Alison Sydor is Canada's most successful female cyclist and one of its
Her road racing career hit a high point in 1991 when she won the
prestigious Tour de l'Aude and was third in the women's road race the world
championships. It was also in 1991, that Sydor branched out into the more
lucrative world of mountain biking which was gaining popularity in North
America and Europe. Her transition to the sport, which focuses more on the
individual rather than team play, was suprisingly smooth. She won her
first mountain bike cross country World Cup event in Switzerland that year
and was fifth at the world championships.
She is now a three-time mountain bike world champion and last season
notched her third career World Cup title with two victories, two silver
and three bronze medals in eight races.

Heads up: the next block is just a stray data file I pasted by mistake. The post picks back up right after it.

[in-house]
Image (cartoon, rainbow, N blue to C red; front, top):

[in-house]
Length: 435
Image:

Sydor, 34, earns every penny of her six figure income as a professional
rider for her Volvo Cannondale racing team. Last season at a World Cup in
Canmore, Alta., she collapsed at the finish line with her foot still in the
pedal stirrup from exhaustion and hypothermia. She still placed third.
Earlier in the year she crossed the finish line on a flat tire for a silver
medal. In 1998, in one race she carried her broken bike to the finish.
Despite all her success in mountain biking, Sydor has not abandoned road
racing. She'll vie for an Olympic spot in that event as well this year at
Women's mountain bike: Alison Sydor, Vancouver, finished fifth in final.
Canada's Alison Sydor in action
Sydor in the pack at the start
2000 Games Cycling Coverage
2000 Games Alison Sydor Section